Sculpture Base: The Bench

But the work has only just begun...

Bench piece with finished brackets.

Once all of the wood is cut, the brackets epoxied into place, and I've had a successful dry fit, it's time to take the whole thing apart, and apply the wax over-structure. I want each slat to be uniform in dimension, though unique in it's hand modeled texture. I also want the 2 frame pieces to be uniform, but unique in texture.

Now after all that...let's take it apart.

Jig that holds wooden slats as they're covered with wax.

Like a Chocolatier, I want the piece of wood to be the filling in a "wax" candy bar. I build a jig that I can put the wooden slat inside of, then pour hot wax over, to the proper thickness. As the wax cools, I scrape it with a piece of textured wood to keep it the right thickness, and texture the surface with a brush, for the right look. I want it to look like a normal bench from a distance, but appear as if painted in 3 dimensions when close up.

The 2 frame supports were laser cut from a piece of 1/2 inch plywood. I want there to be a nice 3/8 inch raised half moon ridge along the entire edge of the frame piece, on both sides.

Wax-covered frames ready for adding ridges.

Wood dowels encased in wax.

The wax dowels adhered to the frames give it a more realistic look.

Can't forget those details and that texture!

First I brush on a thin layer of wax, so anything I add to the piece will stick. To keep it uniform, I make a rubber mold cast of a 3 foot piece of 3/8 inch round wood dowel. I cast one wax dowel at a time, and bend them around the edge of each frame while they are warm enough not to crack. I secure them in place by brushing on hot wax, and filling in the gaps with slightly cooler wax, on a metal pallet knife.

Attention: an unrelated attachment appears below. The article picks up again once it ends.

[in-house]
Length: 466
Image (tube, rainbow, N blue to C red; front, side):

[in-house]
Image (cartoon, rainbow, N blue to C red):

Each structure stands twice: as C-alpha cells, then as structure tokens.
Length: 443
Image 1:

With all our dowels secured in place, its time to move on...

Look at how much texture the wax adds to the frame!

When the silhouette and form is right, I go back and add multiple layers of brushed on wax until I reach the desired thickness and texture. When all the parts have been coated and textured, I reassemble the bench, making sure to place wax paper between each piece. Otherwise, all the pieces would stick together, and get torn apart when disassembled again.

Now we need to reassemble this...temporarily, anyway.

How else will we be able to make sure it's coming out how we envisioned?

At this point the bench is 90% complete. Now I need to recheck all the dimensions and measurements I took from my live model, and figure out how to make the steel skeleton for the wax figure's armature.

Let's double check our measurements before we get too far in...

Using wax paper in between our components helps protect the pieces from getting damaged during disassembly.


With our measurements looking good, we're ready to start tackling the star of the piece; the Bannister Statue.